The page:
Is KoRo actually sustainable?
Why does KoRo use plastic packaging?
What does KoRo do for a better planet?
Why isn't everything organic at KoRo?
We asked you what interests you most about sustainability at KoRo - and then asked our CEO Piran. Here he answers all the top sustainability questions on your mind. Let's start with the most important goals that we always pursue in our work:
At KoRo we want to...
Reduce our Packaging Waste
Our large packages are part of our identity. This not only makes commerce easier and keeps you happy for longer, but also reduces packaging waste by a lot compared to conventional packaging sizes.
Have Smart Supply Chains
We think: there are often too many stops between a product and its origin. That's why we skip stages of the supply chain with our products.
Food wastage is a real environmental sin. At KoRo, we want to do something about this, and thats why we save food from being thrown out. In return, you get the best flavour at cheaper prices.
Your questions about suppliers and producers:
Piran: We know that you are very interested in the origin of our products and that it should ideally be written on the products. The fact that this is not yet the case is due to a complicated internal process. The countries of origin of our products vary regularly, depending on where our suppliers source the products. Changing a label is not so easy and not so flexible with our current software. However, we are already working on having the origin of our products printed on the labels in the future. For this purpose, we want to switch to new software at the beginning of 2022, which will make it possible to change this information flexibly. You can already see all the information about the origin and the organic certification of the products on our website.
Piran: There are different suppliers with different certifications, we ourselves are IFS (International Featured Standard) certified. We work primarily with suppliers who meet the GFSI standard (Global Food Safety Initiative), as this is equivalent to the IFS. In exceptional cases, however, we also work with partners who are not subject to the GFSI standard. Due to our certification, we are obliged in such cases to independently inspect the non-certified farmers. For this purpose, the suppliers must submit an HACCP concept (hazard analysis and critical control points), and we also carry out a risk analysis. In the HACCP concept, suppliers indicate their risk assessment and what they do to reduce risks. For example, a risk could be the splintering of glass when filling products into glass containers. A risk analysis from our side can include, for example, inspections or laboratory tests directly at the farms. This year alone, we have had 17 laboratory analyses carried out.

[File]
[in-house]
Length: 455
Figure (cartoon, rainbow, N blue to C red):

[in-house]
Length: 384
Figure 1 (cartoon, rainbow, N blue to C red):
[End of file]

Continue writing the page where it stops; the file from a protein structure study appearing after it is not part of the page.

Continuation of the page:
Piran: In general, we ask all potential suppliers whether they and their sub-suppliers meet the minimum labour standards and core labour standards of the ILO (International Labour Organisation). In doing so, we rely primarily on trust and honesty. We cannot guarantee that the information provided to us by the supplier is 100% correct. The certification company of the GFSI is responsible for verifying compliance with the certification guidelines. There are certain products that we have to purchase from importers, as we are unable to purchase sufficient quantities directly from the producers. In these cases, the importers have all the necessary certifications, but we do not have 100% insight into their supply chains. In order to prevent this in the future, we are striving for even more direct supply channels and, as a company, want to go even further into the origin of the goods in order to obtain more information about the growing conditions on site. One example is the non-transparent supply chain for cashews. The market is dominated by a few very large cashew crackers (processors) from Vietnam who buy and crack the raw cashews very cheaply from Africa. The exporters are very secretive about the exact process of how the raw cashew is cracked. We have been looking at alternative supply chains for some time and are working on sourcing organic cashews from projects in Africa. This requires a lot of know-how and patience. However, these cashews will be much more expensive because of their organic quality and the bypassing of large processors. In the future, we want to offer both options in our shop (organic directly imported from Africa and non-organic imported from Vietnam), because we think that everyone should have access to high-quality food. After all, there is no difference in the quality of the products.
Your questions about our packaging: